CN’s Impact on the World of Languages: “Literature-ally” Speaking Cont.

Part II: International Impacts and Reforming Higher Ed: Looking Forward

“International awareness begins when students log on and may see a post in Chinese, Thai, or one of many other languages,” Norm comments when describing CN's global impact on his students. 

And he’s right.

Course Networking’s expansion across the globe has given users access to collaborating with students in different countries, many of whom speak different languages other than English. As a world literature professor, Dr. Boyer has high hopes for the way international interconnectedness can give students perspective on the way similar course topics are presented in other parts of the world. “I hope in the future to connect a class with international students studying the same material or from the country of literature we are studying.” Norm also hopes that CN can give him opportunities to invite foreign speakers to his classes who can offer global perspectives and insight to his students.

As far as the medium that exists between technology and the world of English and literature, for Dr. Boyer, it’s the mass amount of student response he’s able to receive all at once that makes it worthwhile. More specifically, CN’s immediate post availability, as opposed to traditional LMS functions of opening one file at a time and going through the motions of commenting and closing out activities to move on to another student’s post is what makes responding back and grading simple and painless.

Dr. Boyer also would like to use CN to help him construct hybrid versions of some classes. His goal is to use CN as a way of presenting background material in the form of a mini-lecture or even streaming videos at students’ convenience to use class time for discussing the actual works or readings they’ve already been assigned and covered prior to class. The purpose: give students the freedom and accessibility of independent learning while still maintaining a degree of professor-to-student interaction by using class periods for what they’ve taken out of the material presented online and being able to share thoughts and ideas with each other.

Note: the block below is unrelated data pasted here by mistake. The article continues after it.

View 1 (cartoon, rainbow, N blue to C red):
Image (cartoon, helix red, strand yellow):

It’s no surprise that Norm’s decision to continue using CN in the future was a definite yes. But in reflecting upon his feedback on the network, a combination of simplicity, accessibility, and opportunities for enhanced student learning justify his reasoning for doing so. And as more professors seek for ways that technology helps, not hinders, the way students are learning, CN is becoming a popular route for emphasizing this.

If you’re interested learning more about Dr. Boyer’s techniques for using CN in the classroom, add him as a follower or colleague by searching for his CN number, NB49, on the CN. Curious to see student feedback on his previous CN courses? Click here to access Norm's survey results after his Greek Drama Course or here to see student responses on his Anna Karenina  English Course from Summer 2013!

CN speaks in different languages around the world to help students learn the value of world literature, from Saint Xavier University to your classroom. How do you stay pervasive in your language and literature courses?

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